Date: Wed, 26 Oct 1994 05:33:00 EDT


Subject: Offensive terms

Natalie Maynor maynor[AT SYMBOL GOES HERE]RA.MSSTATE.EDU said:

# And I will add, in response to the comment by somebody else that

# "nigger" is used "especially in the South," that in my 51 years

# of living in the South I have never heard anybody use the word --

# except to talk about the fact that it is an offensive term. I'm

# not, of course, saying that nobody in the South uses or has used

# the term. I'm simply saying that enough people don't use it that

# I've managed to lead a pretty normal life for all these years

# without bumping into the Southerners who do use it.

Well, I'm afraid I can't say as much for my one year in Waycross,

Georgia. I hear the word at least a dozen times a week.

One source is a group of men, mostly retired, who socialize on the

streets of my residential neighborhood just after sunup, walking their

dogs, jogging, or whatever. One neighbor is obsessed with how blacks

are ruining the country, the schools, and the YMCA, and alternates in

his references between "nigger" and "black", the latter, I think, in

deference to me as younger, more educated, and an outsider. During

Ken Burns's "Baseball" series another neighbor was talking about the

"nigger league" as though that were the term used on the show.

A particularly painful incident occurred one morning while I was

sitting in the waiting room of a local opthamologist. There were

probably about 20 people in the room, including three or four

middle-aged black women. At one side sat two elderly white women,

upper class by their accents, clothes, and hairdos. One of them was

apparently a bit deaf, judging by how loud she spoke, and maybe a bit

senile as well. At some point she decided she wanted to talk to her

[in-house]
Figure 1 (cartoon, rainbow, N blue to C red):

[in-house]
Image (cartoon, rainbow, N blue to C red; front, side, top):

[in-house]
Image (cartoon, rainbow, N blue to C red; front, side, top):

friend about the "nigger who killed his wife in Los Angeles". The

entire room froze. Her friend desperately tried to change the

subject, but this woman kept on, with "nigger" this and "nigger" that,

eventually getting around to how fair his kids were, and what a shame

it was that "they" were "mixing our blood" like that.

Among my students, generally working class, average age 28, range

18-40 with a few outlyers, I have never heard the word. I have,

however, heard the moral equivalent: one young white male started

ranting one day about how "they should be grateful, because they'd all

still be cannibals in the jungle if it wasn't for us." But he did

wait until there were no blacks in the room, and at least he knew he

wasn't supposed to use "that word".

To northerners, the racial tension in this community is palpable. Most

whites seem to have accepted the notion that blacks are equal before

the law, but they still don't want to have anything to do with them.

Blacks mingle with whites in public, but are much more silently

hostile toward whites than in the North, especially the men. But every

incident of outright rudeness I have heard of here, on the part of

whites, has been directed not at blacks alone, but at mixed groups,

such as the faculty of the college out at a country restaurant.

"Separate but equal" is still the ideal.

On the other hand, many of my students -- not a random sample of the

community, of course -- are very concerned about race relations and

seem willing to break with the traditions of the area. I see this

more clearly among young women than among men.

Southern society, as I see it here anyway, is certainly complex, and

although stereotypes are not very predictive, it's not hard to see

where they came from. And there are certainly many aspects of

southern culture that I, as an outsider, find disturbing, if not


So let's not talk about the flag, hear?

David Johns

Waycross College

Waycross, GA